10/26/2012 12:13 EDT | Updated 12/25/2012 05:12 EST

Are We Oversexualizing Breast Cancer?

October is breast cancer awareness month. Just in case you didn't notice. This is a very important month to shed light on the struggles, hardships and stories of triumph caused by a deadly form of cancer. It is a time to reflect upon the importance of the women and men (yes, men too) in our lives. We need breast cancer awareness because there are so many people that still don't understand the impact it has on women or even themselves.

You know the message is being spread and heard when kids become aware of it.

Two weeks ago (on Sunday) while watching a football game at a friend's house, we as a family saw a "show your support" commercial by the Breast Cancer Society. It was a funny commercial, but a little uncomfortable for my kids, as my children generally watch more family friendly TV content (thank you Netflix!). This commercial was kind of in your face, because it had shirtless men wearing pink bras. We all laughed it off, cause that's just how life is sometimes. I explained to my kids, that this commercial was trying to address a very important and good cause.

And that was the end of that. Or so I thought.

SLIDESHOW: 7 Breast Cancer Breakthroughs Of 2012

October is breast cancer awareness month. Yesterday, my 10-year-old son came up to me and asked: "Mommy, do you remember that commercial we saw about those pink things?" He made his hands in a cup formation and covered his chest like a bra. I told him "Yes," and we both chuckled a little. Then he continued, "One of my friends at school was wearing one of those bracelets for good causes, and it said on the bracelet: "I love boobies." We both chuckled a bit more, cause what else are you supposed to do as a parent. My son continued, "Mommy, if it's for a good cause, why do they have to say it like that?" I didn't have an answer for him and thought to myself yeah, why do they?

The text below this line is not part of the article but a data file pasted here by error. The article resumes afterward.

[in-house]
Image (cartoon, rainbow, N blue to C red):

Por Amor a las Tetas from Por Amor a las Tetas on Vimeo.

Kids in their innocence sometimes say what adults are too afraid to say. In that instant, I became very aware of the fact that a lot of breast cancer awareness material is quite sexualized. Like a puzzle coming together, all the images I had seen over the past month started gushing forth. One that really struck a chord with me was an event called Booby Ball, brought to you by Rethink Breast Cancer. Which by the way is an amazing organization.

Booby Ball, which was a gala to raise awareness (obviously), had this on their site, "hike up your shorts, squeeze into your halter tops and get your cocktail on for the hottest glam fest of the year." Ok fine, glam up for a ball, no prob. But if you watch the ad for Booby Ball, as a woman, you can't help but to feel a little objectified, because the video unapologetically used words and innuendos like rack, knockers, headlights, just to name a few.

Now I know what some people might be thinking: "Stop being such a prude, Amber. It's for a good cause. Learn to loosen up and laugh a little." To that I would reply, that I have a great sense of humour. I can make stomach jokes that most girls can't, as I have been raised around boys, and had mostly male friends while I was growing up. And to top that off, I'm a proud Quebecer, who grew up watching Just for Laughs on CBC. So if I can't take a joke, I wonder who else can't. Is there anyone else out there that has some feminism kicking around to feel objectified by overly sexualization of breast cancer? Are breasts selling cancer awareness just like they sell cars, beer, music, cigarette, shoes, and pretty much everything else.

This article highlights some of the ways women are objectified in the name of cancer awareness. But there are countless corporations that are raising money and awareness for breast cancer by just using the colour pink. I will be changing my Facebook profile picture pink to help TELUS donate $2 dollars to Rethink Breast Cancer. I will be buying cashmere bathroom tissue so that a part of my purchase will go to Canadian Breast Cancer Foundation. I will be voting for a Cashmere Bathroom Tissue Designer Dress contest on Facebook, so that my vote will give $1 to CBCF. And I will be wearing a pink scarf for International Pink Hijab Day, so I can donate to the CBCF.

Just in case you think I am a prude, I ask you this: Are men asked to wear Speedos to raise awareness for prostate cancer? Isn't the famous Movember symbol a mustache? And last I checked, colon cancer didn't raise any money with thongs.


7 Breast Cancer Breakthroughs Of 2012

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